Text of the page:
Alex Ovechkin would rather be at the Olympics right now. Specifically, the NHL hockey veteran would rather be playing for his home nation of Russia in the Games – something he did in 2006, 2010, and 2014. Of course, he can’t do that for two reasons. One is somewhat technical. Namely, there is no Russian Olympic team in the Korean Games because of the IOC’s ruling on Russia’s longstanding drug program. So Ovechkin would actually be competing for the Olympic men’s hockey team from Russia. Which I suppose would probably suffice.
The second reason is more of an actual roadblock. Namely, his employer, the National Hockey League, did not allow its athletes to play in the Games. Which means that he and every other athlete in the world’s greatest hockey league would experience the Olympics like the rest of us – on television. Now to be fair, this doesn’t mean that professional athletes can’t play Olympic hockey. But they hail from lesser leagues, like the Russian KHL or the Swedish pro league. Others come from American minor leagues or even college teams. So think of this year’s Olympic hockey athletes kind of like understudies on Broadway. They’re really good and wear the same clothes and can be asked to do the exact same thing. But generally speaking, it’s a step down.
The NHL and the IOC historically had what could best be termed an uneasy alliance, even as pros from the North American league competed in the Games since 1998. There are many reasons for this discomfort, most notably that the NHL essentially had to take a three week break in the middle of its regular season, which caused all kinds of scheduling headaches and arguably a loss in momentum for both players and fans. Additionally, the Olympics made a grueling NHL season even more so for the athletes that competed – especially for those poised for a long playoff run. The NHL season is kind of like getting into a bar fight every other night. On ice. For like six months. So adding an additional two weeks of high stakes play is a bit risky – a risk absorbed in 2014 when several athletes were injured in Sochi. And let’s not forget, neither the league nor any of its players earn a dime for playing in the Games. And spare me the story about amateurism.
That said, the NHL has played nice with the IOC for largely one reason. It made good business sense. So even if the league didn’t earn any money directly, the Olympics served as a reliable way of selling their sport and their league to a North American and global audience. As the distant fourth major professional sport – and don’t forget that soccer is closing fast – the NHL needs currency, especially for the Southern half of the US that historically thinks of skating rinks as a place to take high school dates in the mall. In 1998, playing in the Olympics – while perhaps a bit of a hassle, was good for business. It was good for the Winter Games as well, who could finally get the same bounce the summer version got when the NBA stars arrived in 1992. But as an aggregate, I’d say the NHL needed the Olympics more than the other way around. Or as it was said on Seinfeld, the Olympics had hand.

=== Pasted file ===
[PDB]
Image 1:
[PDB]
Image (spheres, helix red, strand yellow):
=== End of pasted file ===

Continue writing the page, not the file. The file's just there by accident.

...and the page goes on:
That was then, and this is now. The NHL, five Olympics and two lockouts later, is fairly healthy. The Olympics, arguably, is less so. They’ve got financial issues, corruption, security risks, and a larger existential question of whether we still need it in the first place. So it’s not like the NHL needs the IOC to stay alive. In fact, it might be the other way around. NHL Commissioner Gary Bettman said as much when he asked the IOC to pay for their players’ insurance, travel, and accommodations – which, for the record, aren’t in the dorm styled Olympic Village, where all the common Olympic folk stay. That was about $20 million. The IOC said no. And that was that. So for a mere $20 million – out the multibillion dollar Olympic budget – the Olympics lost the NHL, and instead tries to convince us that they didn’t need them in the first place. Something about 1980 and the Miracle on Ice – which was a nice story, but only works with the assistance of an Iron Curtain. When 5% of the NHL hails from Russia and only 25% from the US – not so much.
That’s too bad for Olympic hockey fans, who’ve grown to appreciate the NHL in the Olympic tournament. It’s also too bad for Alex Ovechkin, who’d grown to appreciate it as well.
Keith Strudler is the director of the Marist College Center for Sports Communication and an associate professor of communication. You can follow him on twitter at @KeithStrudler
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